Cohen was not going to sit and wait for things to get better once the bottom of the season had fallen out. Cut your losses, sell off assets and let’s retool for the future. Mets fans were frustrated with the 2023 season, but they should not be frustrated that the team acted so decisively.

Vientos bye-bye

The way Mark Vientos was discarded once the Mets signed J.D. Martinez, was even more ruthless. Martinez was not on the Mets Opening Day roster, but Vientos was sent down to AAA even though he could have served as the team’s primary DH for the first couple of weeks of the season. Why have a guy even on the team when you clearly preferred someone else to do the job? Bye-bye Vientos!

Last week the Mets cut journeyman 1B Luke Voit from the organization. He was back on a minor-league deal and preferred to try to get a job with another team rather than be a possible in-season replacement should Pete Alonso become injured. But Voit did not want to sit in AAA and wait, and the Mets simply cut bait. During the off-season the Mets also picked up Ji-Man Choi in the offseason as insurance and he accepted the assignment at Syracuse and will serve as Alonso’s insurance policy.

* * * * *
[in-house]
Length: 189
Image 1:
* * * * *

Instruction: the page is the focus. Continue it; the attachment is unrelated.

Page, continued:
Pete Alonso should take notice

And how about Pete Alonso? Pete has hit more home runs than any player in baseball since his debut in 2019. He’d like to stay a Met for life or at least the next 6-10 years. Both the owner and David Stearns have said nice things about Alonso’s future but didn’t sign him to a long-term deal prior to the 2024 season. This is primarily because there’s considerable question in the organization (and outside) about Alonso’s future production and defensive shortcomings. Since the Mets would probably not sign both Alonso and Yankees free-agent-to-be Juan Soto to long term deals, standing pat and seeing how things work out for both players is unsentimental, and maybe a bit clinical or even ruthless.